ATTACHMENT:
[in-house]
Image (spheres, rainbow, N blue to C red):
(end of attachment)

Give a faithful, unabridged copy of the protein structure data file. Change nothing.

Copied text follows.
[in-house]
Image (spheres, rainbow, N blue to C red):